Balabhai on the terrace of his house. ‘I look at my land from a distance and imagine what my life would have been...

The union government’s ‘Quarterly Progress Report (Cumulative) on Implementation of Land Ceiling Laws’ was cited in the court proceedings. It had said that until September 2011, 163,676 acres of land had been distributed to 37,353 beneficiaries in Gujarat – and only 15,519 acres remained to be distributed.

However, Mevani’s PIL, which is still being heard in Gujarat High Court, focusses on dispossession of the allotted land. In a number of cases, he stated – based on RTI responses and government records – the people did not get possession of the surplus land and wasteland allotted to them.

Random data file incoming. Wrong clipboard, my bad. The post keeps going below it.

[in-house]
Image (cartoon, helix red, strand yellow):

Balabhai has been waiting for more than two decades. “I fought for possession in the beginning,” he says. “I was in my early 30s. I had a lot of spirit and energy. But then my children started growing up and I got busy. I had to look after them and think about their safety as well. I didn’t want to do anything that would put their life in danger.”

Mevani’s lengthy petition, running into 1,700 pages, contains examples from across Gujarat, suggesting Balabhai’s case is not anomalous.

“In some cases, the beneficiaries have received possession of land but only after persistent interventions by activists,” says Mevani, who currently represents Vadgam constituency in Gujarat Legislative Assembly. He adds that the state and the local administrations accepted failings while responding to his petition.